Most people nowadays will try to adopt a lifestyle which is as close to carbon neutral as they can, if not just environmentally friendly. But did you know that your roof is one way in which you can lower your carbon footprint? Here are 3 environmentally friendly roofing alternatives.
1. Living, Plant, or Green Roof
A living roof can also be referred to as a plant roof or, more commonly, a green roof. According to the Royal Horticultural Society, a green roof can range from roof gardens with raised beds and pots, to rolled out grasses. They can also be on houses or even on the top of sheds.
The RHS lists the benefits of a green roof as: reducing water run-off problems; providing building insulation; contributing to reduced noise pollution; and reducing the risk of fire spread buildings. And, of course, they look good too!
When it comes to the environment, it is said that green roofs contribute to the improvement of urban air quality and help to cool the urban environment. They also help to introduce wildlife back into urban areas by providing habitats for birds and insects.
However, depending on what plants or design you settle on, green roofs can be quite heavy. They can also be subject to strong winds. This means that you must check out Roofers near me, and consult with a professional who can check that your current roof can withstand a green roof.
2. Solar panels
Solar panels are devices that change energy from the sun into electricity. Each panel is made up of solar cells, or photovoltaic cells to give them their scientific name. The cells are sandwiched between layers of semi-conducting materials.
These layers have different properties which energise when the photos in the sunlight hit them. This then creates the photoelectric effect, creating an electric field and the current needed to produce electricity. The direct current is then passed through an alternating current converter and can be put into the National Grid or used by the solar panel’s owner.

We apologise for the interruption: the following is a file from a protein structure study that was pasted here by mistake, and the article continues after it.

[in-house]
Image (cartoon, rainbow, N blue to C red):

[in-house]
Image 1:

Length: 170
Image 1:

As long as the sun is shining, a solar panel will provide you with consistent electricity. This means it doesn’t have to be a clear sky or hot outside, but obviously the stronger the sunlight, the better.
Due to solar panels being a renewable source of electricity, you may be able to get a discount or money back from your electricity provider. Even better, there are many subsidies, loans and grants available from the government for the green transformation of your home.
3. Recyclable Tiles
One simple way to make your roof eco-friendly without being too out there, is by using tiles which are either made from recyclable materials or can be recycled once the roof has weathered the course of its lifespan. For one, clay tiles are completely recyclable.
Slate tiles, for example, have a lifespan of hundreds of years, so these tiles can be salvaged and repurposed from derelict or demolished houses. You can also reclaim recycled wood, making it into wooden shingles, which can then be re-recycled in turn. However, wooden shingles only last about 15 to 20 years.
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